LONESOME DOVE is presented on Blu-ray Disc with a 5.1 channel Dolby Digital 640kbps soundtrack. I have to admit that the visual quality of LONESOME DOVE is better than that of its audio. This is a television soundtrack that has been expanded to the dimensions of home theater, so the sonics do not impress one at the theatrical level. As expected, the forward soundstage is dominant; with the rear channels providing ambient sound and musical fill. Fidelity is certainly more than respectable, although Basil Poledouris’ music comes across in a very pleasant manner. Dialogue is crisply rendered and is usually totally understandable. Most signs of background hiss and noise have been cleaned up in the mastering process, but some anomalies do remain. No other language tracks have been included on the DVD, but English subtitles are provided.

Full motion video, animation and sound serve to enhance the disc’s interactive menus. Through the menus, one has access to the standard scene/episode selection and set up features, as well as some supplemental programs. The Making Of An Epic is a vintage fifty-minute program that is comprised primarily of interviews with the cast and crew, with a general look behind-the-scenes. On Location With Director Simon Wincer clocks in at fifteen minutes and offers a more in depth conversation with the director. Remembering Lonesome Dove: Vintage Interviews With Tommy Lee Jones, Robert Duvall, And The Rest Of The Cast offers another thirteen minutes of interviews. Lonesome Dove Montage offers three minutes of scenes and music. Interview With Pulitzer Prize-Winning Author Larry McMurtry provides six minutes of Q&A. Blueprints Of A Masterpiece: Original Sketches And Concept Drawings is brief and self-expletory.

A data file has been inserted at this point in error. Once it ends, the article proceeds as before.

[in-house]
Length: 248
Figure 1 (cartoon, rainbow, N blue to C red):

As I stated above, LONESOME DOVE may be one of the most important Blu-ray releases of the year. The hi-def presentation is wonderful for a television miniseries and represents LONESOME DOVE at its absolute best. Highly Recommended.



Lonesome Dove [Blu-ray] (1989)


DVD & Blu-rayDisc reviews are Copyright © 2008 THE CINEMA LASER and may not be copied or reprinted without the written consent of the publisher.
THE CINEMA LASER is written, edited and published by Derek M. Germano.